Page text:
11 years in recruitment and three children later, Claire Smith then decided to upskill with Digital Mums. She’s now a social media guru who understands inside-out the huge impact of a decent online presence on sales and growth; not to mention, the overwhelming nature of it for companies that don’t have the time or inclination. Here, TPW chats to Claire to get her valuable insight into how LinkedIn can boost business – and bottom line.
TPW: LinkedIn can be a challenge for busy businesses. What are your top strategies?
Claire Smith: It can be a minefield, but it is also an incredible tool when enticing new clients or customers. Here are my top three tips:
KEEP IT SIMPLE: It’s a common LinkedIn mistake to overcomplicate content and use a writing style that doesn’t encourage engagement. Try to follow my CHAIR rule, to ensure you’re ticking off at least one (preferably more) of the below:
Challenge: encourage debate and be thought provoking
Help: post educational content that offers advice or top tips
Amuse: Linkedin is definitely a place for fun and humour!
Interest: spark conversation
Relevance: is your content of use to your audience and reflective of current times?
BE CONSISTENT: We all know this, but we rarely adhere to it. But all social platforms, to be effective, need regular posting targets. Quality once or twice a week posting, consistently over time, is much better than average content posted every day – your audiences and algorithms won’t like the latter.
AUDIENCE FIRST: This is why thought leadership content does well on LinkedIn. This last year has also seen an increase in video content and LinkedIn Lives – both of which have great results for engagement. I would recommend experimenting with different content forms e.g. short posts, long-form content, articles, video and see which works best for your brand/business. However, always be consistent with your brand colours and identity. The holy grail is to stop the scroll…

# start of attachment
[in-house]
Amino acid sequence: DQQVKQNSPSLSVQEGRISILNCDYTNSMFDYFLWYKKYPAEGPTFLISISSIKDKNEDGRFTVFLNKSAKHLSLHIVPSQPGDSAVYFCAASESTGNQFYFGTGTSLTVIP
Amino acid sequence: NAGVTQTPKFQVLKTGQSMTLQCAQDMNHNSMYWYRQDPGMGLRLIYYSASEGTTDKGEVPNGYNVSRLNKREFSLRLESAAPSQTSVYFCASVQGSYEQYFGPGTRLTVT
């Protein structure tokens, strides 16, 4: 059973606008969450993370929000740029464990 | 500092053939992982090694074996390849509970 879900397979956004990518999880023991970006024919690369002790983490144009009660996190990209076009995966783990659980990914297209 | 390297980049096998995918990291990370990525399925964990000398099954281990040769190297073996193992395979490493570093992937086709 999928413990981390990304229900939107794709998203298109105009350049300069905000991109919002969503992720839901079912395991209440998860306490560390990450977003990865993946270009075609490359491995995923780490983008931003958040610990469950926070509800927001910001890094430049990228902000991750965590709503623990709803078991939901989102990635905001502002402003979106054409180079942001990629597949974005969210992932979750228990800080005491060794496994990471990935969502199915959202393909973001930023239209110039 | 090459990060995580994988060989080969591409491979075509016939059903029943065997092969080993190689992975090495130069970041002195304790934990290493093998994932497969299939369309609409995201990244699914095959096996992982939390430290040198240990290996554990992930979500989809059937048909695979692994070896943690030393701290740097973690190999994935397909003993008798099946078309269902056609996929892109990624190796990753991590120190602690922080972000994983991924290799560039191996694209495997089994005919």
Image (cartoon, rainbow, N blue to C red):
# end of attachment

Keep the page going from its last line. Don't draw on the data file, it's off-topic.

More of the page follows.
TPW: What’s the key to good blog post titles on LinkedIn?
Claire Smith: Short headlines that include relevant keywords are best. In the last 6-9 months Google has started to index short headlines (so these are now searchable). Also, try to be provocative and attention-grabbing to spark curiosity from your reader.
TPW: What are businesses NOT doing on LinkedIn that they should do more of?
Claire Smith: Video, without a doubt. Since video was introduced in 2017, it’s grown and grown. I recommend a run time of 30 seconds to 2 minutes; evidence shows this has the best engagement rate. It’s great for letting your audience know more about you and showing your business’ personality. Once you’ve broadcasted, it’s also essential to engage with other uses and interact with their posts – in the hope they’ll do the same with yours.
TPW: And finally, are there any clever ‘tricks of the trade’ that we should do more?
Claire Smith: LinkedIn Stories is a great new feature (October 2020). Similar to Instagram Stories, it’s a quick and engaging way to share 24-hour updates on the platform. You can add text overlays, mention accounts and share a question of the day.
Once published, stories appear in tappable bubbles at the top of a user’s LinkedIn feed on mobile. From here, viewers can send a story via direct message, making quick and casual conversations easier on the platform. It’s excellent for giving people behind the scenes insights.
Finally, I always recommend users of the platform to take advantage of the LinkedIn social selling index tool (SSI). This is a scoring tool that tells you how well you are establishing your brand on the platform – and provides recommendations for improvements. The target score is 70: linkedin.com/sales/ssi. Check it out now! It’s a gamechanger.